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This Article - part of a symposium on civil litigation and terrorism - focuses on the potential of the Alien Tort Statute (ATS) to serve as a vehicle for asserting civil claims in U.S. courts for acts of terrorism. Although this paper primarily considers terrorism torts under the "law of nations" prong of the ATS (which requires a showing that the relevant prohibition is part of customary international law), terrorism torts may provide a vehicle for activating the ATS's dormant treaty prong as well, given the strong support for the terrorism treaties exhibited by the United States and the high degree of domestic incorporation of the crimes identified therein. One of the first modern cases to be filed under the Alien Tort Statute, Tel-Oran v. Libyan Arab Republic, immediately called into question the utility of the ATS as a counter-terrorism tool. Ever since, the statute has been relatively underutilized in this context, even while U.S. courts have gradually extended jurisdiction under the ATS over other international crimes. Meanwhile, the U.S. Congress has vastly expanded opportunities for U.S. nationals to pursue civil claims in domestic courts for acts of terrorism. For example, the Antiterrorism Act (ATA) enables U.S. nationals - as well as their estates, survivors, and heirs - to sue individuals responsible for personal, property, or business injuries incurred by reason of acts of international terrorism. U.S. victims and claimants may also sue states and state agents implicated in acts of terrorism under the Foreign Sovereign Immunity Act (FSIA), so long as the state itself has been specifically designated as a "sponsor of terrorism" by the Department of State or where the circumstances otherwise satisfy one of the codified exceptions to foreign sovereign immunity. As compared with these statutory causes of action for U.S. citizen victims and claimants, only the ATS has the potential to provide jurisdiction over civil claims arising out of acts of terrorism brought by non-nationals who have access to U.S. courts. This paper argues that the uncertainty surrounding the availability of the ATS to permit such terrorism claims reveals a lacuna in the United States' anti-terrorism statutory scheme.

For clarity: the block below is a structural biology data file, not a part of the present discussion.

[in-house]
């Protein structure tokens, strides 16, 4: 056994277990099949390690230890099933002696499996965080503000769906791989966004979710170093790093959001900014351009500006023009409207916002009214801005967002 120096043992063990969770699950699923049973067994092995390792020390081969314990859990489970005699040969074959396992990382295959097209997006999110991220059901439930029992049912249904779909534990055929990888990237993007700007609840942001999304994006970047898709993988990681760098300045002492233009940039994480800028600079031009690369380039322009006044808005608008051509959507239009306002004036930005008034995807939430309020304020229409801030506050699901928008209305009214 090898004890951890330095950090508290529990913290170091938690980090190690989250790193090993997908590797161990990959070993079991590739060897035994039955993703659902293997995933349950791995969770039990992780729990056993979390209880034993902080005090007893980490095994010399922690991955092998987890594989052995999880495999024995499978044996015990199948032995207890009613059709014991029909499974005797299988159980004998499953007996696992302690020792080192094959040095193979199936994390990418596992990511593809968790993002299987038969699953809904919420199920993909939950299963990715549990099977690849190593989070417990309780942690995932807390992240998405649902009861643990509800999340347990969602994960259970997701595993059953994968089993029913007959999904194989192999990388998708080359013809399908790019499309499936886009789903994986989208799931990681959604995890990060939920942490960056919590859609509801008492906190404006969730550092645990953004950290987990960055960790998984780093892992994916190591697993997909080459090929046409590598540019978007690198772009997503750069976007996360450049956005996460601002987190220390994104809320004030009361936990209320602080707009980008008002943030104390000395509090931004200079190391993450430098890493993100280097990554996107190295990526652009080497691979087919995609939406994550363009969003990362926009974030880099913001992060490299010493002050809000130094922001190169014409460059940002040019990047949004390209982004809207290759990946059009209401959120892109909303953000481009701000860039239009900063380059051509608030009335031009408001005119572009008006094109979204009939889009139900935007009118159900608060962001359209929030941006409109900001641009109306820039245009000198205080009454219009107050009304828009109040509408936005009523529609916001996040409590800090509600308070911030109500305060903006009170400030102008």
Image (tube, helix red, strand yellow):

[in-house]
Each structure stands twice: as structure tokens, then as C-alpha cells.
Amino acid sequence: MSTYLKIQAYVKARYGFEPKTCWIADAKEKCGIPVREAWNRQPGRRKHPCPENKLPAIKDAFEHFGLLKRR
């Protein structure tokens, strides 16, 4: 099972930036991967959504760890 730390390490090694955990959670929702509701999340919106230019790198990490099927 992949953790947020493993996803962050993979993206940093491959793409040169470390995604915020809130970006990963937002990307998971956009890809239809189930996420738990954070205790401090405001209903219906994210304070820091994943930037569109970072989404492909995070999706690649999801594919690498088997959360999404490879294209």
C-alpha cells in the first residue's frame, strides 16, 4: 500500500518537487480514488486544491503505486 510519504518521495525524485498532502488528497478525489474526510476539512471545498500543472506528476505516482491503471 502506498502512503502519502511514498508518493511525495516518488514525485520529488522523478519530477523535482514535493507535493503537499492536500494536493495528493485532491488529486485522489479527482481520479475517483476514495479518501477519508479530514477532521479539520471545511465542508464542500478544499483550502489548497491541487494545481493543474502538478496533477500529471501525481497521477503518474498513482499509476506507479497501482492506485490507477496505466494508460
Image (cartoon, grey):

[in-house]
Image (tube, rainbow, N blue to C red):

Since the U.S. Supreme Court issued its landmark opinion in Sosa v. Alvarez-Machain and finally set forth a methodology for considering actionable claims under the ATS, a few cases involving terrorism allegations have begun to work their way through the federal court system. Although it is still difficult to draw broad conclusions, the existing cases do demonstrate that the various federal statutes - the ATA, FSIA, and ATS - can work in tandem to provide causes of action to alien and U.S. plaintiffs injured in terrorist incidents. Furthermore, litigants are creatively utilizing multiple causes of action drawn from statutes, the common law, and international law to press their claims. While the federal courts have yet to definitively recognize a standalone cause of action for terrorism stricto sensu, developments in the law of terrorism at the international level reveal the gradual crystallization of a consensus set of elements that comprise a definitive prohibition against terrorism applicable to all but a narrow set of circumstances. What lingering definitional impasse exists highlights an unsettled and highly contentious area of international law: the legal categorization and consequences of attacks by unprivileged combatants against privileged combatants or military targets. In all other situations, the international law governing acts of terrorism is sufficiently precise, robust, and uncontroversial to support the recognition by the federal courts of a cause of action for terrorism under the ATS, assuming the other jurisdictional requirements are satisfied. Recognizing such causes of action will bolster the United States' counter-terrorism regime by enabling a broader array of victims of acts of terror to pursue the assets of individuals and groups that finance or otherwise support acts of terrorism.



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